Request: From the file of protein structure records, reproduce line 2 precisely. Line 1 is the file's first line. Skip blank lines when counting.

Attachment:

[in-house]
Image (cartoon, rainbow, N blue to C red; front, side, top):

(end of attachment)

Image (cartoon, rainbow, N blue to C red; front, side, top):